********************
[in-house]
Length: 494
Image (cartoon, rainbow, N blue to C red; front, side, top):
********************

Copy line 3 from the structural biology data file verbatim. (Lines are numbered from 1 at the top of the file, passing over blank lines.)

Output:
Image (cartoon, rainbow, N blue to C red; front, side, top):